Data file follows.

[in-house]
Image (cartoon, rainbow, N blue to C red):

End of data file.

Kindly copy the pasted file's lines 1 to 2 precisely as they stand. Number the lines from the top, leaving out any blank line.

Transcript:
[in-house]
Image (cartoon, rainbow, N blue to C red):